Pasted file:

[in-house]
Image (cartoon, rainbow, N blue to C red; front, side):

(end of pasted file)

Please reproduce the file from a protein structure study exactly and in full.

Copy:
[in-house]
Image (cartoon, rainbow, N blue to C red; front, side):